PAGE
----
photo by Alex Lear


memories of death


my first unforgettable death scene was a man’s body all cut up. some man i didn’t know. i had gone to meet my father at his job. a laboratory technician, he worked on the third floor (or was it the fourth floor) at the veteran’s hospital. sometimes he would show us how he mixed chemicals with body fluids, mainly blood or urine. it was kind of fun but not really exciting once you had been there a couple of times. this particular time, i remember i was in seventh grade, and he told me he wasn’t ready to go. often i would go to the main library, which was only a few blocks from the hospital, and afterwards meet my father when he got off from work. on a few occasions i would get there earlier than his getting off time of 4:30pm and would sit around reading until he was ready. but this particular time it was after 4:30. he said he had some extra work he had to do. as most children do, i said, ok.


he told me, come on. follow me. and we got on the elevator and headed to the basement. i walked behind him trying my best to keep up. my father was a fast walker. i’ll never forget his story about walking to new orleans from donaldsonville, louisiana. we twisted and turned through the basement. down this corridor, through that door, into another hallway, through another set of doors. i really wasn’t paying much attention. didn’t read any signs or anything. i didn’t have to. i was following my father.  and then we went through the last door.


and there it was. a corpse. i balked about ten feet away. the naked body was laid out on a big table that had a ridge around it and pans on carts next to it. the chest was cut completely open with the left and right rib cage folded back. a pan with internal organs was next to the torso. and worse yet, the top of the head was gone. i mean completely sawed off. the brains was in another pan.


i don’t remember it stinking or nothing. my daddy said, you can watch me or you can sit over there. over there was only like five or so feet away. i sat way over there. pulled a book out and buried my head in the book while my daddy started messing with that body. it would have been ok except they were making a lot of strange noises. my daddy was sewing the body back together with a big old needle and thread as thick as twine. when he started putting that man’s head back together and sewing the scalp back over the skull, it made this sucking kind of sound.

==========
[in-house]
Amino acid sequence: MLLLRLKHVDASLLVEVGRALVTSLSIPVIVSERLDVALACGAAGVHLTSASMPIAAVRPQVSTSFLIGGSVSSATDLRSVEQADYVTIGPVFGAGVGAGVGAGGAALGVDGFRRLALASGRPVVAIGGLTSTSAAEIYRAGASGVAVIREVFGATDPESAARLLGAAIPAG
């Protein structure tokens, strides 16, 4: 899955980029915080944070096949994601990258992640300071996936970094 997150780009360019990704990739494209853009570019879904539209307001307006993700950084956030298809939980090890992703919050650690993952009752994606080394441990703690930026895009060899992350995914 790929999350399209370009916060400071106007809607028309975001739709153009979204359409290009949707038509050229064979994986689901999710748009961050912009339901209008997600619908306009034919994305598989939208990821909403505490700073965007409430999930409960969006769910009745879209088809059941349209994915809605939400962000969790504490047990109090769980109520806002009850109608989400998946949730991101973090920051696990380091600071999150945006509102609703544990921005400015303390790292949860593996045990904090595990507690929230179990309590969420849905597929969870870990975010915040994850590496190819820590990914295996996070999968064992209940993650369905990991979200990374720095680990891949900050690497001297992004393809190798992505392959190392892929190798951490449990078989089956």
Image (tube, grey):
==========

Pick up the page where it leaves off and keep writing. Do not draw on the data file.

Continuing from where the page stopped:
i had, of course, been to funerals before and seen bodies laid out at church, but this was my first really memorable experience with death. at that moment, i was de-romanticized about any thing i thought about dead bodies. i realized that for my daddy, death just brought another job he had to do. in fact it was a good job because it paid him overtime.


so this is what happens to you when you die. this is what an autopsy is all about.


between that time and my next memorable death experience i graduated from high school. in fact it was february of 1965, the year after i graduated. and, no, kennedy’s assassination was not a memorable death experience for me. by the end of high school i had been active in the civil rights movement: sitting in at woolworth’s and schwegmann’s lunch counters, picketing on canal street, knocking on doors and doing voter registration work in the black community. kennedy had never been a hero of mine. so here i was up in northfield, minnesota, a small town whose claim to fame was that’s where jesse james did his last bank robbery. the local folk had laid a trap for mr. james and they almost caught him. the james gang was badly hurt in the resulting shoot out and disbanded after that attempt. anyway, i was at carleton college. i hated it there and would leave in less than two months, but i also learned a lot there.


i was working at the college radio station doing a jazz show. my show came on on sunday nights from 8pm to 10pm, if i remember correctly. part of my job at the station was to get there by 7:30pm and literally rip the news off the teletype. it used to come in automatically and there was this big roll of paper that fed into a box. all the news, weather, sports and whatever. and you had to gather up that long roll of paper and cut it up, or rip it, to separate the items you wanted from the ones you didn’t.


there were only 13 black students at carleton, and 8 of us were freshman, so you know how lonely we were. that particular night, linda, a girl from little rock, was visiting my show. as i remember we were the only two black students from the deep south. and when i started ripping the news, i got the first and all subsequent reports: malcolm x had been shot. dead. linda was crying and my eyes were kind of blurry too.


at first it was just a line or two, and then later more and more info streamed over on the loudly clattering machine. i’m ripping the news of malcolm’s death for some college  kid to read. i don’t know how much, if any of that news item was read that night on carleton’s radio show, but i was strangely very, very affected by malcolm’s death. i say strangely, because i was not a muslim. i was not a follower of malcolm in the sense of being part of any organization, but i was, like many, many people my age, an ardent admirer.